And they won. It’s one of the sweeter victories, Du Plessis’s ninth as captain in his 13th Test in charge. “In terms of a turnaround it’s pretty huge,” he said. “But it’s just one step for us, we’ve got two more to go to win the series.”
Faf du Plessis admitted that after winning the toss, the decision to bat was a risky one. Yet it was one he was willing to take knowing his players had the mental fortitude to do the job. With cloudy skies and a fresh pitch, the conditions were ideal for James Anderson and Stuart Broad, who have previously thrived at this ground. SA faced 23 overs in a shortened session, scored 56 runs for the loss of Dean Elgar’s wicket - a vital platform from which South Africa built a solid first innings total.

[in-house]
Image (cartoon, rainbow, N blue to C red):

South Africa’s batsmen didn’t set out to be pretty in this Test. The ‘white ball’ stuff is over, batting here was about digging in and occupying the crease. With the exception of Quinton de Kock in the first innings, the rest of the batsmen used old-fashioned Test batting to wear down the England bowlers. Even Chris Morris in that first innings was all sturdy defence, even while England were using the spinners before the second new ball.
A major turning point on Saturday afternoon - Joe Root was magnificent, applying pressure back onto the South Africans after the early loss of the openers.